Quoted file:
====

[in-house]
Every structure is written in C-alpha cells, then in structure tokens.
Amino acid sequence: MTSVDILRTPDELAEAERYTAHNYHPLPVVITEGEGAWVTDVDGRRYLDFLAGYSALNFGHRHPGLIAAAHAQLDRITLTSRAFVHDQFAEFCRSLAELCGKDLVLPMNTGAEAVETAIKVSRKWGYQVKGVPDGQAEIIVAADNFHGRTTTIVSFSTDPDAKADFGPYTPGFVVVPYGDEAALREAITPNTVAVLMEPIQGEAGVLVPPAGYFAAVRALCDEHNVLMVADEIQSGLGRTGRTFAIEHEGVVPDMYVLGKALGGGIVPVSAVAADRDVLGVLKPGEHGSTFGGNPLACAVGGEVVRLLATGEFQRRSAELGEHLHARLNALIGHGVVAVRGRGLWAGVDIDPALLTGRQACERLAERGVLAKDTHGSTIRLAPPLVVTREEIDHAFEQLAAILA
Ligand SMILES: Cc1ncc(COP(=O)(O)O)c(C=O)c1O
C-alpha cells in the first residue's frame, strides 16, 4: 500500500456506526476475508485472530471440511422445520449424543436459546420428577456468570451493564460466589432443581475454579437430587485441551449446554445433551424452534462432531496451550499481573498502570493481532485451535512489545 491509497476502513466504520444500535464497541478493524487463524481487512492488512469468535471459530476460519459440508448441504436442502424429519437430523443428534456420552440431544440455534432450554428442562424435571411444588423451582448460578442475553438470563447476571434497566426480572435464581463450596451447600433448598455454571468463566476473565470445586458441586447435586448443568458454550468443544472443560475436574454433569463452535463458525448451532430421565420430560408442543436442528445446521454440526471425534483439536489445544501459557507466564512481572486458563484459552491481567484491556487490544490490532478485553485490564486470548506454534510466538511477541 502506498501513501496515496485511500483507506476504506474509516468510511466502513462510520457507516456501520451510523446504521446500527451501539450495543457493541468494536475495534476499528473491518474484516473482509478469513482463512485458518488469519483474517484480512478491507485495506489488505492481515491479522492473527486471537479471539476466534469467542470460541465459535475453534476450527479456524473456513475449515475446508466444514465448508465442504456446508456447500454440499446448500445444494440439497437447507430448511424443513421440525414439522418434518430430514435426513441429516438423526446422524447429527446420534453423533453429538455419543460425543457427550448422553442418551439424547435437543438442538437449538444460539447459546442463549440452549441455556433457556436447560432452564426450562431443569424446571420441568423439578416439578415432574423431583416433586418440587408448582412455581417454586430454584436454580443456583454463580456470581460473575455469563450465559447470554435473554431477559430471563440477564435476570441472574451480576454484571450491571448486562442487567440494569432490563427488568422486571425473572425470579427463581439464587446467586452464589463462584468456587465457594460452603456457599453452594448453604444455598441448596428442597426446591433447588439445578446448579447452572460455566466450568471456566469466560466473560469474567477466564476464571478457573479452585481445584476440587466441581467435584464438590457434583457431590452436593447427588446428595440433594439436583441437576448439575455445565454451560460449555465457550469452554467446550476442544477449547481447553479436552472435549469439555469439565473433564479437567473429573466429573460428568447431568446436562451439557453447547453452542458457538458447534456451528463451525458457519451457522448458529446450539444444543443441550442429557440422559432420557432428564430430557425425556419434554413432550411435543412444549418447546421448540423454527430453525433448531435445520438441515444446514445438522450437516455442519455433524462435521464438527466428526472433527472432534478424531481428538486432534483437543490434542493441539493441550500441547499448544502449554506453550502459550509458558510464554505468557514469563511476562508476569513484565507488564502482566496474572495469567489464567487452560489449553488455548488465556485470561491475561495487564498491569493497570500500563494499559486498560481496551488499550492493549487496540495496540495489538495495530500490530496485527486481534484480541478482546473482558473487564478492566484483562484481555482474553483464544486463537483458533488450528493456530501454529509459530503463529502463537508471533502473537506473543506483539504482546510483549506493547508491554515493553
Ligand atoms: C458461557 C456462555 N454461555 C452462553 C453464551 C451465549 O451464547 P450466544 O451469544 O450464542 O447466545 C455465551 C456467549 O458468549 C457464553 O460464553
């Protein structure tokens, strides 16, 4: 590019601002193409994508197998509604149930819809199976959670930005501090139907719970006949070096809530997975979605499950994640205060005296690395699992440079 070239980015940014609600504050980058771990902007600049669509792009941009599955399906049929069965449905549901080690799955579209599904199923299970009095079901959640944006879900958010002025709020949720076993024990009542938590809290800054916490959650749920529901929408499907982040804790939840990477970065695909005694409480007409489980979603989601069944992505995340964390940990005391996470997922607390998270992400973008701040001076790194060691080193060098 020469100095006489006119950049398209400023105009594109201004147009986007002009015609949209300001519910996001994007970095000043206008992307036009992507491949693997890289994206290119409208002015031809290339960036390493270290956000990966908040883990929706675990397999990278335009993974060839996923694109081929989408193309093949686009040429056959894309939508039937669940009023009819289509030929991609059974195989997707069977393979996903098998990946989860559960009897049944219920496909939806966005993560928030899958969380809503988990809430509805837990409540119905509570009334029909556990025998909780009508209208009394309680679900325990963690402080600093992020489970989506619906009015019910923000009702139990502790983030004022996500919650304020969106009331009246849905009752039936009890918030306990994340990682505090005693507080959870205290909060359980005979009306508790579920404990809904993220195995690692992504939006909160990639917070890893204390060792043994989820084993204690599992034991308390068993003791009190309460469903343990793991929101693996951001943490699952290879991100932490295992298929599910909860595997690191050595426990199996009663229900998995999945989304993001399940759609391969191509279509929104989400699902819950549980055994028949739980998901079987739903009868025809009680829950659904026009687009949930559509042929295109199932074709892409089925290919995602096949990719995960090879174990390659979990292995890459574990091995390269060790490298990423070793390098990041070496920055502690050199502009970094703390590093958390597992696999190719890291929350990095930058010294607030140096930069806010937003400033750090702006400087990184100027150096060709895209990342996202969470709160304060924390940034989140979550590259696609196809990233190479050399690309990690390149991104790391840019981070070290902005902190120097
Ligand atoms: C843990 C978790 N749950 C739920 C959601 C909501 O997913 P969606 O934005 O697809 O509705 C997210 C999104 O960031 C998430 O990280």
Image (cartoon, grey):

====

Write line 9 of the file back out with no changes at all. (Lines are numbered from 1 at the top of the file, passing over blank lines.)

Image (cartoon, grey):